With the appointment of Justice Amy Coney Barrett, controversially nominated by Donald Trump just before the 2020 presidential election, the ideological shift of the court had been cemented. But no legislation needed to be struck down for this conservative coup to take effect. Social conservatives had already passed legislation against abortion in several states, in anticipation of the ruling by a newly configured court. A challenge to one of these trigger laws, in Mississippi, had led to the ruling in Dobbs. With a majority of justices holding that there is no constitutional right to abortion, the green light was given to state legislation banning it. Doubts were also cast over the status of other rulings protecting constitutional rights, such as the right to same-sex marriage.
Had Dworkin’s worst nightmare come to pass? Not exactly, or, at least, not yet. The fear expressed in his 1991 interview was about progressive majorities being thwarted by conservative justices; Dobbs merely returned the issue to the states via a new, but in other ways traditional, interpretation of the Constitution. Some states have since adopted or begun to enforce laws banning abortion; but others have expanded abortion rights and amended state constitutions to include them, including California and Michigan. In Vermont, voters overwhelmingly chose to approve, by referendum, an amendment to guarantee sexual and reproductive freedoms, including the right to abortion. The backlash against Dobbs may well have politically benefitted the Democratic Party, boosting support for Biden and the Democrats in recent midterms.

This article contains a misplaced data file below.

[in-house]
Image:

Will of the Majority?
But the current situation is even more unsettling than the nightmares envisaged by Dworkin in 1991. Back then, the mainstream debate in Anglo-American constitutional theory took place on the terrain of the justification of constitutional review of legislation and over the so-called counter-majoritarian dilemma: Why should the judicial branch be entitled to overrule the will of the majority? It pitted scholars such as Dworkin against those keen to defend majoritarian democracy as represented by Westminster-style parliamentary regimes.
As a matter of US constitutional law, however, Dworkin’s antagonists were elsewhere. The justices spearheading the conservative turn of the Supreme Court, such as Antonin Scalia, Clarence Thomas, Samuel Alito, and now Barrett, are associated with “originalism,” the belief that the constitution should be interpreted as originally intended. In the interview with Gearty (as well as in his broader body of writing), Dworkin explicitly dismissed that theory, by arguing that it doesn’t answer, but merely defers, the key question: What is the best way of interpreting that intention given all the possible ways it could be understood?